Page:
The ‘Black Box’ vs. ‘Interactive’ Approach to Deep Learning

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by Scotty Salamoff, Geophysical Advisor and Project QA Lead at Bluware

What is a ‘Black Box’?

As known to many of us, a black box is a crashworthy electronic device that can provide vital information in accident investigations.

In the context of oil and gas exploration, ‘black box’ also has a long history, usually promoted by skeptical characters. You can think of the old ‘dousers’ who used willow sticks to predict where water or oil was. Then in the ‘60’s and ‘70’s when geophysical techniques became more sophisticated, there were many people who purported to have ‘magic boxes’ that they would not share the contents as it was a ‘big secret’.

In the world of software, black box testing is a method of software testing that examines the functionality of an application without peering into its internal structures or workings. For instance, the tester is aware that a particular input returns a certain, invariable output, but is not aware of how the software produces the output in the first place.

Deep learning tools (a subfield of machine learning) are now being experimented with more often by the energy industry to generate results that aid in cost-sensitive decision-making.

Scientists who use deep learning tools with the ‘black box method’ may not have a complete understanding of how the results were generated or have any sort of quantitative quality control (QC) over the results.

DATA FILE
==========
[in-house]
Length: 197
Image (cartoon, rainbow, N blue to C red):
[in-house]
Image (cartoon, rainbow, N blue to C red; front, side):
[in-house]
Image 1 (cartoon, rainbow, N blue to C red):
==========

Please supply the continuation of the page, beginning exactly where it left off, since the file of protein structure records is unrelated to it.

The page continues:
The Black Box Deep Learning Approach

The common black box approach in deep learning uses a neural network that has been trained on unknown data and is offered as a processing step, essentially telling the scientist to “put your seismic data in here, trust us and we will create an answer for you.”

I emphasize “trust us” because that’s exactly what you’re doing with this approach. You must rely on a network that has been trained on data that you have not seen, created with a set of unknown biases, and therefore something you have no control over.

Basic parameterization exposed to scientists in these tools gives the illusion of network control without really ceding any significant control at all. Processing times can be on the order of days or weeks, and scientists can only supply feedback to the network once the training is complete at which point training will need to run again from scratch.

In the context of geoscience, there is variability in seismic data quality due to vintage, geologic environment, or both. It is unreasonable to assume a network trained in one part (or parts) of the world by interpreters with varying levels of skills and expertise will work where you need it to.

These training datasets may contain inaccurate or inappropriate labels which could translate to erroneous predictions within your area of interest. In fact, to blindly trust the outputs of tools using a black box approach could have a very negative impact on the results because the learning process is hidden from you, the expert.

Most of these black box tools and processes require scientists to generate a full result before modifying weights, biases, or the training sets for the network, making them highly inefficient for long-term adaptation.

The Interactive Deep Learning Approach

Bluware is pioneering the concept of ‘iteractive deep learning’, wherein the scientist remains in the figurative ‘driver’s seat’ and steers the network as it learns and adapts. The adjustment and optimization of training set information provides immediate feedback to the network, which in-turn adjusts weights and biases accordingly in real-time. The result removes the shrouding veil of the black box and exposes the deep learning tools to the user interactively in a familiar, scientific context.